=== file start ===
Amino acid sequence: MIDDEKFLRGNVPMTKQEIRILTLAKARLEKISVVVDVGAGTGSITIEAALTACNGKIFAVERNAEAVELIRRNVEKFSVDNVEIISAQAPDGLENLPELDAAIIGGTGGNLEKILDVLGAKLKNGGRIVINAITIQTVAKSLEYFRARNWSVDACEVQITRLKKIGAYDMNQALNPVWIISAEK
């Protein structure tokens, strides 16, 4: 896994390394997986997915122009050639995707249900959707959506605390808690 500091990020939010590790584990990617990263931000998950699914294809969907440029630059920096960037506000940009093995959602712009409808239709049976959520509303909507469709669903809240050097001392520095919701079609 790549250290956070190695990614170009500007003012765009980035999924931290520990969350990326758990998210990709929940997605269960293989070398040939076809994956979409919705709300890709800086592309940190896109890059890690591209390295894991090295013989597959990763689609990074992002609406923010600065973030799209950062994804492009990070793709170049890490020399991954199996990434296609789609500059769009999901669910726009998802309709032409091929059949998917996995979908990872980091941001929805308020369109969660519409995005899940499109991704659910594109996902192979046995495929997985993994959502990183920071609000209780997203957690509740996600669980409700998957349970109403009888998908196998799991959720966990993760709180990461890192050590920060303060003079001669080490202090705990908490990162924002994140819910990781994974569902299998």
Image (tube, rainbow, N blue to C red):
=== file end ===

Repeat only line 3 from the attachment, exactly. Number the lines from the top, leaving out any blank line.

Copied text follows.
Image (tube, rainbow, N blue to C red):